For CCOs, leveraging big data in ways that are relevant to enterprise goals and objectives represents an extraordinary opportunity to create economic value and competitive advantage, build more integrative, collaborative C-Suite strategies and drive enterprise-wide approaches to reputation management, influence and advocacy. As we noted in The New CCO, an emerging opportunity for the CCO is to act as an integrator across the C-Suite, achieving greater collaboration and alignment between functions. The data that pertain to each function often intersect through communications, creating new opportunities for data-driven integration.

Human resources, for example, is one of the most competitive areas today for big data analytics. Predictive models are being used to assess hiring and identify the best candidates, manage attrition, and flag other potential outcomes that help an enterprise manage a high-performing culture and workforce. For CCOs, this trend creates opportunity to partner with their Chief Human Resources Officer (CHRO) and use big data insights to sharpen and better target employee engagement strategies and content. Understanding such predictive models also can be used to better inform employee brand and externally focused reputation management strategies.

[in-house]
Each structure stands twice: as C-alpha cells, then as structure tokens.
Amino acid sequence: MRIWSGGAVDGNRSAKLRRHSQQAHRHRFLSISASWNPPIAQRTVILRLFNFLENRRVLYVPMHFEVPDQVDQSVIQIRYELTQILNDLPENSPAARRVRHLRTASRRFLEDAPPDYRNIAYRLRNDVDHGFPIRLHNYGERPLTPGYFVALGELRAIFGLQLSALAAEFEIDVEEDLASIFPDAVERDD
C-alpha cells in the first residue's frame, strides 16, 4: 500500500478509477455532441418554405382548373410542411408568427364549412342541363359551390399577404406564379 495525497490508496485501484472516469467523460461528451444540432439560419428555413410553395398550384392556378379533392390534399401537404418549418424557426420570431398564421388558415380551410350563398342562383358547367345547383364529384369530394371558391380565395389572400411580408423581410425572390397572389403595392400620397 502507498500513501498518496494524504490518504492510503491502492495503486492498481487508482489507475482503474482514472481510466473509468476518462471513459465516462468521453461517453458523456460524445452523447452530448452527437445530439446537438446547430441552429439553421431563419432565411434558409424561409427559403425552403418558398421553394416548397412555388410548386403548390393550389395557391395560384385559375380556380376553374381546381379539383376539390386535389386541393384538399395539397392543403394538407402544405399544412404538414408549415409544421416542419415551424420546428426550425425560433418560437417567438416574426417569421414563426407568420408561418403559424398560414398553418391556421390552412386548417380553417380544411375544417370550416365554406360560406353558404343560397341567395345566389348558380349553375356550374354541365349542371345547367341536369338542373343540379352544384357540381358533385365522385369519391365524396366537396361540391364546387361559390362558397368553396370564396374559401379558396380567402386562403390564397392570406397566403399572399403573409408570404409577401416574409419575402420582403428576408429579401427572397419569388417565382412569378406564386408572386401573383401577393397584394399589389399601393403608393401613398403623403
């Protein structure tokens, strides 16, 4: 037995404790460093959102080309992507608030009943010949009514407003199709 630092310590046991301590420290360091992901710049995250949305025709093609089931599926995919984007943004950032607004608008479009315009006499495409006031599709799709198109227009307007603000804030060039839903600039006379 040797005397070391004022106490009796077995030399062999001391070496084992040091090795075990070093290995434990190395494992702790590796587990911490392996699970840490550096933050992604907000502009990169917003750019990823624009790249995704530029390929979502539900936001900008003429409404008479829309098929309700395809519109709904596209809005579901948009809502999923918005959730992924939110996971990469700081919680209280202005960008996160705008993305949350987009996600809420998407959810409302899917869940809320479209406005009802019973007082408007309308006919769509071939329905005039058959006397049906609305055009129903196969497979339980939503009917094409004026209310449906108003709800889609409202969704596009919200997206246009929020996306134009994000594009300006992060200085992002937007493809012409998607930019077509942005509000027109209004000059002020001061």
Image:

Partnering with the Chief Marketing Officer (CMO) to effectively harness customer data is an obvious area of engagement. Sales and customer service organizations are other areas that generate enormous amounts of data that can yield competitive insights and predictive models.

#PageDigitalFuture Tweets

Customer and employee data is readily available through traditional sources, which can be augmented with social data. For the broader range of stakeholders with which the CCO must be concerned, where direct data may be harder to obtain, social media provide a rich source of data that can be detected and analyzed with advanced information systems. Other sources of third party data also can be identified that, when combined with data proprietary to an enterprise, unleash fresh insights and opportunities.